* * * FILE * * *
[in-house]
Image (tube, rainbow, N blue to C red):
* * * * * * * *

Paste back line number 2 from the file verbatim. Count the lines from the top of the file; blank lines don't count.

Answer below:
Image (tube, rainbow, N blue to C red):